Rosi Sexton made her professional mixed martial arts debut in 2002, more than a decade before the UFC added women to its roster and a year after Dana White and the Fertitta brothers purchased the promotion.
This was still a dark era in the growth of MMA, long before The Ultimate Fighter and national television. The long-term viability of the sport — if it was even referred to as such — was very much in question.
At that point, MMA was barely being regulated. There wasn’t much money in it and those who competed in it, did it out of love and passion for the art. The idea of concussions, traumatic brain injury (TBI) and chronic traumatic encephalopathy (CTE) were years away from being in the consciousness.
“Back when I started, I don’t think it was anything that people gave much thought to,” Sexton told MMA Fighting. “You could be knocked out and back in training the week after. It’s not something I think people even really thought of. I would like to think that things have improved. Certainly, awareness of the issues has gotten better and I think certainly the better coaches out there — the more diligent coaches out there — have started to take this stuff on board and they’re more up to date on the protocols on what to do if an athlete is concussed and what not to do.”
It wasn’t until 2009 when CTE landed on people’s radars. The 2015 movie “Concussion,” which featured the work of Dr. Bennet Omalu, was an indictment on how the NFL dealt with head injuries. The NFL settled a lawsuit centered around this issue with former players for $1 billion.
There is still a great deal we don’t know about concussions, CTE (a brain disease which people used to call being “punch drunk”) and the relationship between the two of them. One thing that is for certain when it comes to MMA is that the sport cannot exist without blows to the head.
Sexton, a scientist, mathematician and licensed osteopath, has been working in her native England with combat sports athletes she retired from the cage in 2014. One of her focuses is neck-strengthening exercises, which studies show can have the affect of reducing concussions.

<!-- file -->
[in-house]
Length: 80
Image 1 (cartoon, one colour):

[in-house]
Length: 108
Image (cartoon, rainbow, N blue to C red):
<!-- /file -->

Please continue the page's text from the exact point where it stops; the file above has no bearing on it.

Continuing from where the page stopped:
“Experientially, that makes perfect sense as a fighter,” Sexton said. “Because the more you can reduce the impact or reduce the movement of your head as a result of the impact, you have much less negative affect from that than you would when you’re not able to.”
The less the head moves, Sexton said, the less chance of a concussion. She said one of the doctors she works with England — her online presence is called Combat Sports Clinic — said the worst concussion he ever saw came from whiplash without any actual impact to the head.
A study published in 2014, annotated as “Collins, et al.,” found that for every one pound increase in neck strength, the odds of a concussion decreased by 5 percent. An experiment was conducted in 2010 and 2011 on 6,704 high-school athletes in soccer, basketball and lacrosse. Athletic trainers measured neck width, neck strength and rate of concussions.
“Smaller mean neck circumference, smaller mean neck to head circumference ratio, and weaker mean overall neck strength were significantly associated with concussion,” the study reads.
Tad Seifert, a neurologist and member of the Kentucky Boxing and Wrestling Commission, said that boxers for years thought that neck strengthening and seeing a punch coming meant blows could be taken better. As it turns out, the science backs that up.